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Last week, U.S. President Bill Clinton set out his foreign-policy framework and goals for the last two years of his term. In a speech to California business and political leaders, he urged Americans to “embrace the inexorable logic of globalization.” For Mr. Clinton, that translates into a policy of active engagement with the world. It is a reassuring message for anyone who feared a U.S. retreat from the many dangers and uncertainties that can be found throughout the world today. There is just one small matter: There are very few people who actually fear such an outbreak of isolationism. The more pressing concern of American friends and allies is the Clinton administration’s perceived inability to pick its priorities. The unwillingness to do just that is the chief threat to U.S. engagement overseas, and there are few signs that Mr. Clinton has responded to this challenge.

The president’s logic is hard to fault. The march of globalization is inexorable. U.S. interests — like those of many other nations — are tied to events taking place half a world away. The U.S. has, by virtue of its economic and military power, a unique responsibility to the world. Indeed, it makes far more sense to stop conflicts before they fester and spread.

But even the United States’ resources are limited, and, as has become increasingly evident in recent years, massive military strength and a roaring economy are no substitutes for sheer determination and a willingness to fight and die for a cause. The administration’s failure to recognize the limits of U.S. power will preclude the effective use of that power in the years to come.

Mr. Clinton is right to say that the U.S. has the opportunity — if not the solemn responsibility — “to shape a more peaceful, prosperous, democratic world in the 21st century.” But how will this be done? In his speech, Mr. Clinton vowed to strengthen regional alliances, such as those with Japan and Europe, and to build new relationships with Russia and the former Soviet Republics. Integrating Russia and China into the new international order are among his chief foreign-policy concerns, as are fighting terrorism and defusing regional conflicts. To that end, Mr. Clinton called for support for a U.S. presence in the peacekeeping force in Kosovo.

At the same time, the president expressed his frustration over the lack of progress in South Asia and the ongoing conflict in the eastern Mediterranean between Turkey and Greece. The ability of Iraqi President Saddam Hussein to frustrate the will of the United Nations, the U.S. and its allies is also galling, as is North Korean stubbornness and Pyongyang’s penchant for surprises.

What remains disturbingly unclear is the Clinton administration’s ability to see how the pieces fit together. For example, the U.S. commitment to NATO’s eastward expansion looks good, but it seems to reflect domestic U.S. political pressures more than worries about European peace and security — especially since expansion flies so flagrantly in the face of Russian fears of encirclement. Is it any wonder that after having flouted Moscow’s concerns, the U.S. is unable to get Russia to cooperate in dealings with Kosovo or Baghdad?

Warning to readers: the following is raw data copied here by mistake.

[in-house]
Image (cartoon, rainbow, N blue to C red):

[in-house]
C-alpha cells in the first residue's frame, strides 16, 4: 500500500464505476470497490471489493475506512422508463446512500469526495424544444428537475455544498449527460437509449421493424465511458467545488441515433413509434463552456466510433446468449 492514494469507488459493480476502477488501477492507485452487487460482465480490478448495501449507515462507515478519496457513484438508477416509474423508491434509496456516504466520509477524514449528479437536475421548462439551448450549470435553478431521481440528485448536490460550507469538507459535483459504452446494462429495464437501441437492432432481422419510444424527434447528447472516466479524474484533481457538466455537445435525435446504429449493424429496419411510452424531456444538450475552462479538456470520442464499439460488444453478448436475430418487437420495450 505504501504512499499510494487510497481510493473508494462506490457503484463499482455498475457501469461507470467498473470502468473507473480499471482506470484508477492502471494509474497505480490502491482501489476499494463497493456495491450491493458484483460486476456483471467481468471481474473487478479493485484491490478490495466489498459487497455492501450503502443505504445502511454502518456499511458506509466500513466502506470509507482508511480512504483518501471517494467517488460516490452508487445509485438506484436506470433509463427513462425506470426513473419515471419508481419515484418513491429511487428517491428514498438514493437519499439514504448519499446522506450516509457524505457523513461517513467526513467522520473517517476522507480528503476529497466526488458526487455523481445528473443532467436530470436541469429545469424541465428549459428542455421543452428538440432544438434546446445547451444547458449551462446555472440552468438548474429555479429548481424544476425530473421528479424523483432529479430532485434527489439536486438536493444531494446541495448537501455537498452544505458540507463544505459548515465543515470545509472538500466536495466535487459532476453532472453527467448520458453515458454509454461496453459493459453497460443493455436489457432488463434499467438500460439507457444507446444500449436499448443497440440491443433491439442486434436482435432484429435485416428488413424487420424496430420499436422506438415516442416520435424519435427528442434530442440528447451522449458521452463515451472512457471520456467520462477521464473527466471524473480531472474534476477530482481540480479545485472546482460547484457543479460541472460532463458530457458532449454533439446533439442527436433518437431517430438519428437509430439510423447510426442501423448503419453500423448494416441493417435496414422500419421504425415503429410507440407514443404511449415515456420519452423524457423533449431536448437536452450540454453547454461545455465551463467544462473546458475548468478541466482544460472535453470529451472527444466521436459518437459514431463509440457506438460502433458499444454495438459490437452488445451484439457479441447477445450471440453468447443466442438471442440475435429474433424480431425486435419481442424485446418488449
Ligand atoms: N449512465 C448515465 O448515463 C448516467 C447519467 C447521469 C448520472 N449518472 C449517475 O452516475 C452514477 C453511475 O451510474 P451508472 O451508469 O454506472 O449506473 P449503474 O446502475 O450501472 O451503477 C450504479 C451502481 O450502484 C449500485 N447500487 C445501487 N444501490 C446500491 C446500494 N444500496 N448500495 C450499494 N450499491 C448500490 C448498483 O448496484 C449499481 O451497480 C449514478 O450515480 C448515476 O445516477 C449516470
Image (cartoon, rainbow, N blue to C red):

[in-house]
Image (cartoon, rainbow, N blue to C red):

Even more troubling is the other side of U.S. exceptionalism: a continuing reluctance to accept international norms or standards of behavior. In the last year, the U.S. has refused to sign the international treaty banning land mines and balked at joining the convention establishing an international court of criminal justice. It claims the right to alone determine when Mr. Saddam has violated U.N. resolutions.

Each undercuts U.S. efforts to get other nations to observe and abide by international norms. Washington’s complaints about India and Pakistan’s nuclear blasts ring hollow when the U.S. continues its own series of nuclear tests. Similarly, charges that Mr. Saddam has thumbed his nose at the U.N. sound foolish as long as the U.S. refuses to pay its arrears. Finally, American efforts to build an open, liberal international trade system are hampered by unilateral sanctions against trade partners, embargoes and the application and enforcement of U.S. laws overseas.

In each case, the U.S. has failed to balance its short-term needs — usually in the form of a domestic political payoff — with the long-range goal of making a more peaceful and stable world. These are the kinds of priorities Mr. Clinton must balance. There are few signs that he is ready to take up the challenge. He must : Far more than his foreign-policy legacy depends on it.

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